Government committed to renewable energy development

The Government of Saint Lucia will pursue a suite of proposals for renewable energy projects, including the development of a wind farm.

The Government of Saint Lucia has expressed its commitment to continue to work toward the development of renewable energy on the island. This, after US-based firm WindTex Energy cancelled plans for a previously announced wind farm on the east coast, less than four months after the new administration gave its commitment to the developer to see the project to successful completion.

On Nov. 3, 2016, Sustainable Development Minister, Hon. Dr. Gale Rigobert, facilitated discussions with the developer and other partners to ensure the smooth continuation of the multi-million dollar development of a 12 megawatt (MW) wind farm in Anse Cannot, Dennery. Also present at this meeting were the staff of the Renewable Energy Division, the Managing Director of Saint Lucia Electricity Services Limited (LUCELEC), Trevor Louisy, and Steve DeWolf of WindTex. During the meeting, Minister Rigobert gave assurances of the government’s commitment to the project, stating that the proposed wind farm is in keeping with the new administration’s thrust to reduce the country’s dependence on imported fossil fuels.

In addition, on Dec. 5, 2016, Steve DeWolf of WindTex made a presentation to the Cabinet of Ministers and was said to be warmly received, sparking further commitment from the entire Cabinet.

“It is therefore astonishing that the developer has decided to pull out of the proposed project. As a government we are deeply disappointed, however, the Government of Saint Lucia will pursue a suite of new proposals for renewable energy projects, which includes the development of a wind farm,” said Dr. Rigobert, adding that government will soon unveil several of these initiatives to the public.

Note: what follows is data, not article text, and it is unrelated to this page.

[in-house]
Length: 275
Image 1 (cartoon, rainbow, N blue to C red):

The government, the minister said, is looking to give ordinary Saint Lucians the opportunity to invest in and become partners in the development of the project, as the new administration believes that Saint Lucians must be given the opportunity to help chart their country’s destiny.

The investments in renewable energy will be guided by the National Energy Transition Strategy (NETS), which was developed in partnership with LUCELEC last year. The NETS is a detailed energy roadmap, informed by independent technical analysis that paves the road for a sustainable, reliable, cost-effective and equitable electricity sector using the island’s local resources.

1 Comment

  1. Thomas Scheutzlich
    March 14, 2017 at 5:06 pm

    The Caribbean Renewable Energy Development Programme (CREDP, a cooperation between CARICOM and the German Government from 2003 to 2016, based at CARPHA in St. Lucia) had assisted LUCELEC in prioritizing four (4) principally suited wind park sites in St. Lucia, among sites at Point de Caille, Sugar Mill, Dennery (close to the Prison area) and Troumasset area. During 2005 and 2011, CREDP together with LUCELEC had taken wind measurements at one of these favored sites: at Sugar Mill/ Rohan Estate in the south of the Island. The wind regime there has been proven to be of first class quality and subsequently, LUCELEC and the Government in charge at that time, has started to acquire the necessary land parcels at Sugar Mill though compulsory land acquisition that is legally covered by St. Lucian law. However, the required land being in private hands could for several reasons not be acquired, so that the project never left the design stage.
    Now, similar land issues seem to be one the reasons for the recent failed wind park development at Dennery. Another technical challenge, which, however, could be solved at design stage, is that no single wind turbine of 3 MW (as it was foreseen in the Dennery wind project) could (economically viable) be installed and maintained in St. Lucia, given the required large crane capacities, the existing access roads and topography in St. Lucia.
    Therefore, the commitment of the new government (as it was also the case with the former government with Minister Fletcher in charge of Energy) is highly necessary and welcome but will not lead to any wind development in St. Lucia if land ownership issues are not legally binding solved before any investment preparation like wind speed testing, micro siting, turbine/ capacity selection can start.
    Perhaps, a public tender for land lease contracts among ‘willing landowners’ may be a way in the right direction. But ‘business as usual’ will not attract any Wind Power investors anymore, be it Lucians or foreign investors, if the essential land issues cannot be legally agreed upon beforehand.

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